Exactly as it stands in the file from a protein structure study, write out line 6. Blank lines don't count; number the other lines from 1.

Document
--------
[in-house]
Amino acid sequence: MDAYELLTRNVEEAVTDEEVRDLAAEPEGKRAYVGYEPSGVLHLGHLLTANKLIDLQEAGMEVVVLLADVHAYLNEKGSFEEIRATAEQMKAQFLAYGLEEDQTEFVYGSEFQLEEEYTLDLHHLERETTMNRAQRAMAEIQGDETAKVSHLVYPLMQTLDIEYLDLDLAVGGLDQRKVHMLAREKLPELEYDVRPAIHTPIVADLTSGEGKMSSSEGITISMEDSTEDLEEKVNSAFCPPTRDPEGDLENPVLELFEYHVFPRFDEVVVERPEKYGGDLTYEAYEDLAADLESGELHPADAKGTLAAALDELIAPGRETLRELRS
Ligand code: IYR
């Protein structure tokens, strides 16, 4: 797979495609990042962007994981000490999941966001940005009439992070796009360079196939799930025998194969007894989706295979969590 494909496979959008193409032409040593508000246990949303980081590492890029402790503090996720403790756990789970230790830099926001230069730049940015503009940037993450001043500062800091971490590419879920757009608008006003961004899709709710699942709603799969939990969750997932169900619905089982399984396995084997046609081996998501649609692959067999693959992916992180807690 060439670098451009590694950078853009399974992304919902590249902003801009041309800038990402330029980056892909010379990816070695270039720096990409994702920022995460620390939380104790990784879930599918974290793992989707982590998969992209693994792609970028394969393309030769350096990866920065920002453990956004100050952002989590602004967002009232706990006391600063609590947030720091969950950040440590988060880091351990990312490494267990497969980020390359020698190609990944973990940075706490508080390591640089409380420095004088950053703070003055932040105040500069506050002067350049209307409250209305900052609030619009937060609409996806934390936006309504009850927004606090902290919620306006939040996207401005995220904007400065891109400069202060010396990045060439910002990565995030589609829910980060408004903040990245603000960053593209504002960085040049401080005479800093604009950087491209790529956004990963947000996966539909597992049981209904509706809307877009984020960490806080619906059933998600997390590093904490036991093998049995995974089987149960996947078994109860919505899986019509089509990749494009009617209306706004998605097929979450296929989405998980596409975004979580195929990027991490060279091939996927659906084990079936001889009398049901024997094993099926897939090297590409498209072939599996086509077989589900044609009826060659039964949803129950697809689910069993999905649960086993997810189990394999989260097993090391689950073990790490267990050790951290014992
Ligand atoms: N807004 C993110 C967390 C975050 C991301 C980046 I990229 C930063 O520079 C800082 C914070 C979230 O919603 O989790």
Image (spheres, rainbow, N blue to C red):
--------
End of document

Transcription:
Image (spheres, rainbow, N blue to C red):